Charlie Morton helped the Tampa Bay Rays reach the World Series and is now a free agent. In an offseason when teams will likely be unwilling to spend big money, Morton might be a good target for the Red Sox. Tony Gutierrez/Associated Press

Charlie Morton gave the Tampa Bay Rays a veteran presence, while leading them in the postseason with a 3-1 record and 2.70 ERA.

But the Rays declined the $15 million option for Morton in 2021.

Left-hander Brad Hand led the major leagues in saves in 2020 (16), with a 2.05 ERA. Cleveland had a $10 million option on Hand for 2021. Before the Indians declined his option on Friday, Cleveland put Hand on waivers – and he was not claimed.

One of the game’s best closers, and no team wanted him because of a $10 million salary.

Free agency begins Sunday in Major League Baseball and it will be a buyer’s market. The COVID-19 pandemic financially socked major league organizations, and they won’t be opening their checkbooks too wide.

There are deals to be had, and the Boston Red Sox, a team sorely in need of pitching, should be able to out-spend the Tampa Bay’s and Cleveland’s of the league.

So, how about a Morton or a Hand, or Jake Odorizzi or Corey Kluber or Kevin Gausman or Shane Greene?

Trevor Bauer figures to be the most sought after free-agent pitcher this offseason after finishing with a 1.73 ERA in 11 starts this season. The Reds will likely give him a qualifying offer, meaning any team that signs him would have to forfeit a draft pick. That price is probably too high for the Red Sox. Aaron Doster/Associated Press

Topping the free agent pitching list is Reds right-handed starter Trevor Bauer, who helped his negotiations with a 1.73 ERA in 11 starts. If there is going to be a bidding war this offseason, it will be for Bauer. Boston does not appear interested to be part of it; especially since Bauer, as a premier free agent, will likely receive a qualifying offer from the Reds, meaning Boston would forfeit a draft pick to sign him.

That is why signing a free agent like Morton makes more sense. Morton, who turns 37 in November, brings stability to a rotation like Boston, which has Nathan Eovaldi, Martin Perez, and two players coming off the injured list – Chris Sale (Tommy John surgery) and Eduardo Rodriguez (heart complications from COVID-19).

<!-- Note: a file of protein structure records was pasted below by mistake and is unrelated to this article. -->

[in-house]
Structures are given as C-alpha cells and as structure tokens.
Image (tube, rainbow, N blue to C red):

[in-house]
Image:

Tanner Houck showed promise but, unless he proves too dominant, Houck is best as part of Boston’s desperately-needed depth in Triple-A.

If Boston doesn’t like Morton (or vice versa), there are two established pitchers coming off injury – Odorizzi and Kluber, who had his $18 million option with Texas declined.

Gausman rebounded from a bad 2019 (5.72 ERA) to post a 3.62 with the Giants.

For the sentimentalist, there is former Red Sox left-hander Jon Lester, who will be 37 in January, and had his $25 million option declined by the Cubs. Lester has expressed a desire to stay in Chicago, so we’ll see.

Boston’s bullpen needs major work, including an established closer, which is why pursuing Hand makes sense.

White Sox right-hander Alex Colome dominated in 2020 (12 saves, 0.81 ERA). He is not expected to receive a qualifying offer from Chicago (the deadline for offers is Sunday). If he doesn’t, he is right there for the Red Sox to make an offer. Colome pitched for the Rays from 2013-18, so Red Sox baseball operations chief Chaim Bloom is familiar with him.

Greene was not a closer for Atlanta, but he has been dependable, including a 2.60 ERA this year.

Besides regular free agents and players having their options declined, other players – those who are up for arbitration – could hit the open market if their team does not want to give them a big raise. Arizona reliever Junior Guerra (3.04 ERA) could be among that group.

BESIDES PITCHING, the Red Sox might pursue a thrifty deal on a first baseman. Boston’s Michael Chavis and Bobby Dalbec both show promise but there are questions of consistency. Boston may want some insurance. Boston could bring back old friend Mitch Moreland (if San Diego declines his option) or look elsewhere, like C.J. Cron, who played four games for Detroit this year before needing knee surgery. He hit 55 home runs over the previous two seasons, including 30 in 2018.

THE RED SOX reinstated six players onto their 40-man roster, from the injury list – pitchers Sale, Rodriguez, Kyle Hart and Colten Brewer, second baseman Dustin Pedroia, and outfielder Andrew Benintendi.

Boston now has 37 players on the 40-man. It will be interesting what Boston does with Pedroia. Unless he makes a miraculous recovery from his knee injury – which has limited him to nine games over the past three seasons – look for him and Boston to work out a deal for his retirement.

THE SEA DOGS are looking for a new manager after it was confirmed the Red Sox did not renew Joe Oliver’s contract. Oliver said he was told the reason was because of the expected contraction of the minor leagues in 2021. With fewer teams, organizations will need fewer coaches.

Oliver, 55, said he hopes to manage or coach again, but it will be difficult with a decrease in jobs, and other unemployed coaches looking for work.

“It is a tough marketplace,” he said.

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